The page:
Thankfully, I've gotten a chance to play it in the past few years, as I repurchased Final Fantasy Anthology for the PS1 (for some unknown reason, you can get the physical disc for $10 on Amazon Prime). If I had never touched this game, Kohler's book would have sold me on it. The most striking thing about his book is that Kohler convinced me Final Fantasy V is the best game in the series even though I know it isn't.

If you've read my previous posts, you know that devoting time and attention to a book isn't the easiest thing for me to do. Yet I was able to breeze through the entire thing in a weekend. Kohler does an exceptional job of weaving his personal experiences with the game and the behind-the-scenes production saga that went into making Final Fantasy V. Even as someone who prides themselves on knowing a lot about video game history, there were plenty of educational experiences for me to consume.

One of my favorite parts of the book was learning about the friendly rivalry between Hironubi Sakaguchi, the creator of the Final Fantasy series and director of part V, and Yoshinori Kitase, who was the field planner, event planner, and scenario writer for Final Fantasy V. It was a joy to read about how they always tried to one-up each other, such as this passage about the team coming up with timed escapes from dungeons:

The ability to create intricate, strictly timed events was like lighter fluid on the fire of Sakaguchi and Kitase’s friendly creative rivalry. Sakaguchi would create an elaborate sequence and challenge Kitase to complete it in three minutes. Kitase would respond by creating a two-minute challenge for Sakaguchi.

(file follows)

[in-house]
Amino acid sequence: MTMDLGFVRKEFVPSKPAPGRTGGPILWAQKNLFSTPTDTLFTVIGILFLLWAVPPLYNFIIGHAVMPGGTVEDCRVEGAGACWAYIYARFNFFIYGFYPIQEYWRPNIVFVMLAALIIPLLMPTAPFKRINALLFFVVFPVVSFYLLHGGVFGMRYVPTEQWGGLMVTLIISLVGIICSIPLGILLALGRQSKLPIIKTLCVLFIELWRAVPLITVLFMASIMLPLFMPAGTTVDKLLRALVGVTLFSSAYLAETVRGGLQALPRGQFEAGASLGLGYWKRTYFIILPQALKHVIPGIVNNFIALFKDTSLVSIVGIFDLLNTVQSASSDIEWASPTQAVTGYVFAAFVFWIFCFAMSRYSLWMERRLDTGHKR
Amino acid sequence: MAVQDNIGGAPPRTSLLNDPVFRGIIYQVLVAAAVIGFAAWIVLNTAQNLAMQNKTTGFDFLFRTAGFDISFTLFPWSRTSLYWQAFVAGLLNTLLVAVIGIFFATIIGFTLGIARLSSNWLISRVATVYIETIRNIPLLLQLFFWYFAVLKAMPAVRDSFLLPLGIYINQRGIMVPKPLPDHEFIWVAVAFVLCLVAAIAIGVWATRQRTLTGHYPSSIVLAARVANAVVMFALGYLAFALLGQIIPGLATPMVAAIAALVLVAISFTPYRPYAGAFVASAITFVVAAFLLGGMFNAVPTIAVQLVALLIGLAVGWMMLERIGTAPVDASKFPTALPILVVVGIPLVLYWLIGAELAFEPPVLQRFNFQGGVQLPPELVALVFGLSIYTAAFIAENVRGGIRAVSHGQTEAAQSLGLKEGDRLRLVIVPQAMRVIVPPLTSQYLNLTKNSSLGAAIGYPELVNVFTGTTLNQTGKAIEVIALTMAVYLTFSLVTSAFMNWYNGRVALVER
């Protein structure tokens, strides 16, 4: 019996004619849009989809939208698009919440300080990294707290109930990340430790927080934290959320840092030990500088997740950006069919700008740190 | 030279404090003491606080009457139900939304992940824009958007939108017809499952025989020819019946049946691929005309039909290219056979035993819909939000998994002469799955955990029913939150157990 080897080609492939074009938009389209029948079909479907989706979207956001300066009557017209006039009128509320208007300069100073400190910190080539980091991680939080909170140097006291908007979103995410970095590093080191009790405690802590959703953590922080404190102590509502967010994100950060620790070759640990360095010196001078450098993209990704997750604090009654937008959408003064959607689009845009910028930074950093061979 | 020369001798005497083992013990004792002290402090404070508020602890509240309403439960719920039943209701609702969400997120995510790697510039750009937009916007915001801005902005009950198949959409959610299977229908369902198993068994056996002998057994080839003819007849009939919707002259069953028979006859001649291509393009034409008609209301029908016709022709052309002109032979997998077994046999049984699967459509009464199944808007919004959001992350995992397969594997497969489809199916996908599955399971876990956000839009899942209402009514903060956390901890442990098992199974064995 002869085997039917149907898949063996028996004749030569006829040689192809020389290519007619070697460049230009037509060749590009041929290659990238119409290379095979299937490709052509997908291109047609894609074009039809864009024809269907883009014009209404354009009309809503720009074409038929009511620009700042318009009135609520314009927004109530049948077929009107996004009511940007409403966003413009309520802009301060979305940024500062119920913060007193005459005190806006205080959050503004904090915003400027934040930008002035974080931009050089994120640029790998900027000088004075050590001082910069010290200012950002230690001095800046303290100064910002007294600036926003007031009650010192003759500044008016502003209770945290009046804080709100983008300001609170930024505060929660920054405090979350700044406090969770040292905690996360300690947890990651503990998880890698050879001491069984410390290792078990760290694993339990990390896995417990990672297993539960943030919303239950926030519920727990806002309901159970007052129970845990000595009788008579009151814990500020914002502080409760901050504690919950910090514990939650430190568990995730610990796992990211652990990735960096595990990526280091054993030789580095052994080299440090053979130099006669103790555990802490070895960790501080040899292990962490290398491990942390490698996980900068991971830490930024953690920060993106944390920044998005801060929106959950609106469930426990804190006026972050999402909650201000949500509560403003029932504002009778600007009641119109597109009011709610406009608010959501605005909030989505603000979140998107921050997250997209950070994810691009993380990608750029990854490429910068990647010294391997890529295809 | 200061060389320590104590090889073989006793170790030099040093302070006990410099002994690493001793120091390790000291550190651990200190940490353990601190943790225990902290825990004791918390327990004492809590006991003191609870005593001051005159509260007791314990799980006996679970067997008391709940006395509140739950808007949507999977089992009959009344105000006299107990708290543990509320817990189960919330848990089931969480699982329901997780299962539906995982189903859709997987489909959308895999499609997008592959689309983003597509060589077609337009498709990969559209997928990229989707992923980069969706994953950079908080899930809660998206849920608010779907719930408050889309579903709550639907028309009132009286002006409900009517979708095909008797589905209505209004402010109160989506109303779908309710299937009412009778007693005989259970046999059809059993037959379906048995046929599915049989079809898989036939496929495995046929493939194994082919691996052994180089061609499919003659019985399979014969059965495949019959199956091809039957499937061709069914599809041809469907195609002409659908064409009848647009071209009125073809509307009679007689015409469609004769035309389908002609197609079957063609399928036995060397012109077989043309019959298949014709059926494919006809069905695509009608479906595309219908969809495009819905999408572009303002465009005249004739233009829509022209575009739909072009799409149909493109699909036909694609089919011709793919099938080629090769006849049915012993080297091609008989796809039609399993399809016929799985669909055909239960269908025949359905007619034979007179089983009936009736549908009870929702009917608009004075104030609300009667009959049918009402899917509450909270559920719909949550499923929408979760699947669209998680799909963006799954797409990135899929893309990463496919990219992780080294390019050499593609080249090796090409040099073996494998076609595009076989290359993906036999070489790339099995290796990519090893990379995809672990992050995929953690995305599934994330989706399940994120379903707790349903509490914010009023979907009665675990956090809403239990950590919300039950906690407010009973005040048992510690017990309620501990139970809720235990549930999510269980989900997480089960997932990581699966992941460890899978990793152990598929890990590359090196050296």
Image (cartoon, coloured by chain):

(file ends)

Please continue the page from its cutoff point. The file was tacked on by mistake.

Learning about these two spending their time creating challenges for each other humanized the game in a way that pixels and music could never do.

Kohler also gives plenty of strategies for completing this game in different ways. For instance, if you equip the Crown of Thorns on a Berserker, and counteract the item's HP drainage, it makes the Berserker the most powerful magic user in the game, due to the SNES not being able to handle negative numbers (it rolls the MP stat from 0 "backwards" to 255). And if you equip the Gaia Hammer, you can cast a very powerful quake spell on everyone.

This is a trick I probably never would have discovered on my own, even if you gave me a full day of web-browsing without any of my children around. And Kohler's book has plenty of strategic insight that makes it a decent strategy guide, along with a historical record of an underrated game.